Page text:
4. If you lived in 1939—a time before the internet or video chatting when the primary mode of long-distance communication for many was telegram or letter writing—and you, like Lily, were given the opportunity of leaving your friends and family and moving across the world for two years, would you take it?

5. Throughout the book, Lily is torn between responsibility to her family, particularly her aging parents, loyalty to her friends, and her desire for excitement and freedom in her own life. How do her values line up or differ from your own? What impact does her class background have on Lily’s ideals, or her efforts to live up to them?

6. While exploring Ceylon, the English passengers are “appalled to find that the radios are now all playing Western music” (p. 211). Lily and the others are disappointed by the familiarity that deprives them of an “exotic” experience, though at other times they are judgmental or put off by cultural differences, like the bloodlike appearance of the betel nut juice. What are some other examples throughout the novel of this tension and attitude toward “foreignness”?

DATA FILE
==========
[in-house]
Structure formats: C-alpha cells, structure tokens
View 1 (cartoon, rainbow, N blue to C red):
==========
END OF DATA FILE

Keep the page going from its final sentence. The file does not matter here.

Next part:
7. Considering the way Maria was disregarded and written off as delusional when she said she had been assaulted in the night, Lily decides that instead of reporting George for forcibly kissing her, she will “just try to keep out of his way” (p. 172). If she had decided to go to an authority, do you think her claim would have been taken more seriously than Maria’s? Why, or why not?

8. Many of the characters in Dangerous Crossing are burdened by guilt: some for circumstances outside their control, others for unforeseen consequences of their actions. Yet Eliza claims to have no remorse for her extramarital affair having resulted in the jilted wife’s suicide. Do you believe that her conscience is truly clear on this matter? Is her outlook on the controversy she is fleeing healthier or less healthy than Lily’s mindset toward what happened to her friend Mags?